Celebrating 50 Years of the ACM Turing Award

During the next several months, ACM will celebrate 50 years of the Turing Award and the visionaries who have received it. Our aim is to highlight the significant impact of the contributions of the Turing Laureates on computing and society, to look ahead to the future of technology and innovation, and to help inspire the next generation of computer scientists to invent and dream.

China Honors Turing Award Laureate John Hopcroft

ACM A.M. Turing Award laureate John Hopcroft has received China’s highest honor, the Friendship Award, which is given each year to 50 foreign experts for outstanding contributions to China’s economic and social progress. Hopcroft, the IBM Professor of Engineering and Applied Mathematics in Computer Science, has lectured frequently in China and helped several Chinese universities upgrade their advanced teaching programs.

Image of Turing Award Laureate John Hopcroft receiving the China Friendship Award

Meet Cynthia Liem

Cynthia Liem is an Assistant Professor in the Multimedia Computing Group at the Delft University of Technology. Trained as a concert pianist, her research focuses on music and multimedia information retrieval. Liem participated in the Rising Stars Symposium at the ACM Multimedia 2016 conference. “Music and multimedia are everywhere around us. Multimedia has the potential to engage us in impactful, immersive ways.”

Image of Cynthia Liem

In Memoriam: Calvin C. ("Kelly") Gotlieb

Calvin C. ("Kelly") Gotlieb passed away on October 16 at age 95. Widely regarded as the "father of computing in Canada," Gotlieb was the inaugural director of the University of Toronto's Department of Computer Science when it was founded in 1954. He served as the Co-chair of ACM's awards committee for more than 20 years, and received its Outstanding Contribution award "for his dedication, total commitment, and never-failing enthusiasm in maintaining the technical excellence and integrity of the ACM awards program."

Image of Calvin C.

Vicki Hanson on How Women Are Reshaping Computing

In her blog post for Computer Weekly's WITsend blog, ACM President Vicki Hanson discusses ACM's all-female leadership team, how diversity is helping to redefine what a computing professional is, and how the digital world is expanding career opportunities for non-technical people. "While most will not become expert, basic skills will be required for them to be effective in their careers and to deal with the myriad of online offerings for communication, entertainment, retail, and government services," she says.

Computer Weekly blog by Vicki Hanson

GHC 2016, October 19 to 21, Houston, Texas

The Grace Hopper Celebration of Women in Computing, presented by the Anita Borg Institute and ACM, is the world's largest gathering of women technologists, with mentoring, professional development workshops, a career fair, and much more. Scheduled keynote speakers are IBM President and CEO Ginni Rometty; Harvard University professor Latanya Sweeney; Salesforce Chairman and CEO Marc Benioff; and US Chief Technology Officer Megan Smith.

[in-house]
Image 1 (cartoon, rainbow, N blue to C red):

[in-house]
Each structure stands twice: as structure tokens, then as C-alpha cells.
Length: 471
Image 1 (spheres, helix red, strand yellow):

Meet P.R. Kumar

P.R. Kumar is a University Distinguished Professor and the College of Engineering Chair in Computer Engineering at Texas A&M University. His recent research interests focus on energy systems, wireless networks, automated transportation, cyber-physical systems, and security of networks and systems. An ACM Fellow, he is a recipient of the ACM SIGMOBILE Test-of-Time Award. "We may be on the threshold of an exciting wireless era."

Image of P.R. Kumar

Mehran Sahami on Providing CS Education for All

Stanford University's Mehran Sahami maintains that exposing students to computing early in their education is essential to their understanding of not just "programming" but of the world at large: "Learning CS helps students develop systemic thinking skills for problem solving, practice logical deduction, and learn to express themselves with greater precision and clarity."

Huff Post blog by Mehran Sahami

Nominations Open for New Excellence in CS Teaching Awards

ACM, the Computer Science Teachers Association, and Infosys Foundation USA announce the Awards for Teaching Excellence in Computer Science. Up to 10 awards of $10,000 each will be given annually to recognize today's best teachers from around the world. Applications for nominations for the awards are now available. The deadline is November 1.

A Brief Chronology of Medical Device Security

As modern medical devices evolve, so do the threats to their security and reliability. While the necessity to defend against these threats is real, hyperbole and/or mischaracterizations around them may lead to panic, desensitization, or perhaps worse, exploitation. In this video, M. Eric Johnson discusses "A Brief Chronology of Medical Device Security,” a Review Article in the October 2016 Communications of the ACM.

Research for Practice: Real-world Applications of Cutting-edge Theory

“Research for Practice,” a regular feature in acmqueue, bridges the gap between theory and practice by applying learnings from recent cutting-edge research to the challenges practitioners face on a daily basis. In the latest issue, Camille Fournier presents three papers on distributed consensus systems on implementing Paxos and the easier-to-understand Raft. Joy Arulraj and Andrew Pavlo present three papers on the future impact of nonvolatile memory on DBMS architectures. Together, these papers illuminate how lessons from critical areas in storage and largescale services can be applied to building better software.

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